What is your hometown?
What is your official title?
Since 2006, I have been the President and CEO of MyMoneyMD, LLC, a company that provides clarification and guidance to individuals who choose to self-invest. This followed my seven year on-the-job training at investment firms, and passing various related exams, after leaving the practice of medicine in 1995. Prior to that, I worked for ten years as a practicing neurologist and before that I was a tenured associate professor at Indiana University. While at Indiana University, I was Chief of Neurology at Wishard Memorial Hospital.
How/when did you become interested in science and medicine?
As a teenager I saw a movie about a woman medical missionary in China. The selflessness she had, plus the exotic life she led, appealed to me.
What interested you to pursue a career in medicine and medical education?
It is true, no doubt, that blowing up a tube of radioactive material in a microwave in Donald Heistad’s (67R-Internal Medicine) lab was not an achievement, but it was unique. If we start there, the rest of my career can’t compete because it was usual - NIH grants and committees, plus lots of research papers.
Is there a teacher, mentor or UI Carver College of Medicine faculty member who has helped shape your education?
I was fortunate enough to be able to do research in the cardiovascular laboratory with Donald Heistad who taught me how to give an excellent research paper. Also, Dr. Mel Marcus, now deceased, was a terrific role model even though he was not my major mentor. He could say what he thought, which may not have been flattering, and laugh his way through all those serious sentences which made the recipient feel comfortable even though he/she was being criticized. This ability is rare and extraordinary.
How or why did you choose the University of Iowa for your education and medical training?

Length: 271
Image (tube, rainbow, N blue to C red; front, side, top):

As I said, my world was limited. The University of Iowa had in-state tuition and Loyola, where I was also accepted, was private and more expensive. Therefore, it was prudent for my mother, who had extremely limited means, to send me to the less expensive school. She sacrificed greatly to do this and I am extremely grateful.
What kind of professional opportunities or advantages has your University of Iowa medical training provided?
First of all, the education was great. I felt comfortable in my knowledge of neurology wherever I went. Secondly, my research training was superb and allowed me to obtain funding and be on committees that I otherwise would not have been able to
What still resonates with you today about your training at Iowa?
That it was excellent; the best I have encountered. While on the faculty at Indiana University I had many chances to compare. For me, it's Iowa all the way. I can't imagine being taught any better than I was while there.
Please describe your professional interests.
As part of my company, MyMoneyMD, I write about decision making - obviously a function of the brain. This is an outgrowth of my neurological background. In fact, I will be giving an invited lecture in Paris this fall about the neuropsychology behind decision making.
What are some of your outside interests?
I am very interested in porcelain that was made in China during the time span 1580-1780, and was exported out of the country to Europe. I write and speak about the subject, both abroad as well as in the United States. It was a savior for me when I was working full tilt in private practice; it relaxed me. Now, it is still an important part of my life.
Do you have an insight or philosophy that guides you in your professional work?
Earlier it would have been to work hard, but as I age I see the benefit in having fun (as much as possible).
What is the biggest change you've experienced in medicine since you were a student?
When I was a student and just starting out in medicine, a doctor was respected and his or her words were important to patients. Now, it seems most people are practicing medicine to some degree for themselves. This appears to be because of a level of distrust toward the medical establishment, plus the volume of information on the internet.
What one piece of advice would you give to today's medical students?
I am no expert, but my impression is that now the practice of medicine has to be done for love, not money. Additionally, if you don't enjoy medicine, figure out what you can do that you will give you pleasure and do that at least part time.
What do you see as "the future" of the medicine?
I'm afraid I'm bleak for the immediate future. Since there is always reversion to the mean, I hope in the far future that medicine will be seen for what it is: a noble calling to help others. To me, that is so much better than so many other professions.
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